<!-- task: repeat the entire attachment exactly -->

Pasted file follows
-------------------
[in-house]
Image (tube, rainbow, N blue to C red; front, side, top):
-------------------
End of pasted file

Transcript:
[in-house]
Image (tube, rainbow, N blue to C red; front, side, top):